Evolving a totally Mexican art
MUCH of real education takes place around the edges of the classroom. My graduate school experience was especially like that. Those of us plodding through a common curriculum developed an extraordinary camaraderie. Some of the things I learned from informal discussions in parking lots, coffee shops, and pizza houses are more vivid now, 15 years later, than the classwork. The university was famous for its Latin American studies program, and though that had nothing to do with my degree program, it did turn out to be a specialization in my ``graduate education.'' It's also where my appreciation for the work of Diego Rivera (1886-1957) began. Some of my friends were ``Anglos'' involved in producing the first computer-based dictionary of Nahuatl, the language of the ancient Aztecs, and some with great pride called themselves ``Chicanos.'' At first I had been indifferent to the Mexican cultural heritage. What a revelation it was when I looked at it from my own Western European viewpoint. What if, through the deprivations of imperialism and religious zealotry, much of my cultural heritage were destroyed? If the Parthenon were only footings, Leonardo da Vinci only a name, Magna Carta a vague memory, Shakespeare's plays only a fragmentary listing of titles, I too might count on pride to fill in the gaps.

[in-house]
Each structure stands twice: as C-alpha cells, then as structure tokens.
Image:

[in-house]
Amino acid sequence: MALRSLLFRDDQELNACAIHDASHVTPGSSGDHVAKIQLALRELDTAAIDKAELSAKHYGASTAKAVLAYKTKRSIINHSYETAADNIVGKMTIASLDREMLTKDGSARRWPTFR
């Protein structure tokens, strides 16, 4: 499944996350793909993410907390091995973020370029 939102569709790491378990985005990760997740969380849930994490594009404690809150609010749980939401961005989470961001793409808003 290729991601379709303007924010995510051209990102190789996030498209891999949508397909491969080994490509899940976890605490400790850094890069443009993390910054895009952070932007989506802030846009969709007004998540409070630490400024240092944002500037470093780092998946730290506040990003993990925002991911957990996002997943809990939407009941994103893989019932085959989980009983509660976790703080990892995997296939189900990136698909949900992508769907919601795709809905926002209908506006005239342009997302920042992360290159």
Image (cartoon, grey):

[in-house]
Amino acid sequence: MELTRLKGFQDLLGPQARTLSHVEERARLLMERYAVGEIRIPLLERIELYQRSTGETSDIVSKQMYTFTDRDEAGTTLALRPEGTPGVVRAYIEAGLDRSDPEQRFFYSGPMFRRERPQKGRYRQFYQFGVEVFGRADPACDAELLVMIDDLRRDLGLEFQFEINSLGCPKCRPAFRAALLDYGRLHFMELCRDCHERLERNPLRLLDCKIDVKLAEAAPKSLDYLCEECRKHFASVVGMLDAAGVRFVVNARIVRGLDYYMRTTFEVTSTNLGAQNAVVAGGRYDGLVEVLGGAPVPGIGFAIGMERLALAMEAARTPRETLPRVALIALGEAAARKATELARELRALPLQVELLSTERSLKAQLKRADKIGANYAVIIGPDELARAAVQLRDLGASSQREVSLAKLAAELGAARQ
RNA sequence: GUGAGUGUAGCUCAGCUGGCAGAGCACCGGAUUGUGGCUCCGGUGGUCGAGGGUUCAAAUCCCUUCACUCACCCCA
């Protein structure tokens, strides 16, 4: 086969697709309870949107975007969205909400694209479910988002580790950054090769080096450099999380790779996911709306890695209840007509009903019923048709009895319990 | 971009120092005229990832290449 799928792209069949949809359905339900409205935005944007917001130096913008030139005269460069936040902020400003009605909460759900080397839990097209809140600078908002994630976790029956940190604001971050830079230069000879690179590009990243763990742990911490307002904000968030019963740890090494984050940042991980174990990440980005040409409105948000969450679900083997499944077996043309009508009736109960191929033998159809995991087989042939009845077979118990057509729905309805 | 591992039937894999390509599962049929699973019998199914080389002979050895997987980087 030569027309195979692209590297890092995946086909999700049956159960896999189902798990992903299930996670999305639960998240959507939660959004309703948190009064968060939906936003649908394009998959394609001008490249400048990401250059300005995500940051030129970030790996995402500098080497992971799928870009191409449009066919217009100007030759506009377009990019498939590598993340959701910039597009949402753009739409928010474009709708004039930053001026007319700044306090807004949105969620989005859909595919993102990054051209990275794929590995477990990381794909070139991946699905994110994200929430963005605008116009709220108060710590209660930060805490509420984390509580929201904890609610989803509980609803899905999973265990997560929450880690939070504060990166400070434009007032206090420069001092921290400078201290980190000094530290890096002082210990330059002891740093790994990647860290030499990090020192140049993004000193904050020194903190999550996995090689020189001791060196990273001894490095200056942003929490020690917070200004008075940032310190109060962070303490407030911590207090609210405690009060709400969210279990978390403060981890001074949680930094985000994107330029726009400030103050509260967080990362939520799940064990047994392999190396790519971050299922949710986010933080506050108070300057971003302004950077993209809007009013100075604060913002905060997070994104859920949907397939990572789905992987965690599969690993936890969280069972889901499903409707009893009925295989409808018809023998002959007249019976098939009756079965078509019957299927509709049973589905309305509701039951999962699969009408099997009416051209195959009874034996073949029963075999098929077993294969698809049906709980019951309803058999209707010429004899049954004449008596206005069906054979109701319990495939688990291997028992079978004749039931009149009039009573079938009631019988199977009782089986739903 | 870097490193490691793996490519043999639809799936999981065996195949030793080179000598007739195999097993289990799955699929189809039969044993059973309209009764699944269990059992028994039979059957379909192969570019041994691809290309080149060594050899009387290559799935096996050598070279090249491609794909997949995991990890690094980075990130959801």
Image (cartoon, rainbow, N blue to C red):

Diego Rivera had a deep pride in his Mexican cultural heritage. There is a quiet dignity and integrity in this painting. The young Mexican peasant woman is poor but not impoverished. Her homespun clothes are painted in even textured, simplified roundness. The purple ribbon braided into her solidly perfect hair adds a festive touch, a grace note to her poverty. With her back to us she could be ``Everywoman.'' We do not see her face, but we see the rhythm of her life. She lives close to the earth, the changing seasons, the rising and setting of the sun. The rhythmic repetitions are everywhere, her toes and fingers, the gathers of her blouse, the black braids laced with ribbon, the stamens of the lilies, their hexagonal stems. Nowhere does Rivera skip a beat. The measures of her life are counted out on the surface of the painting.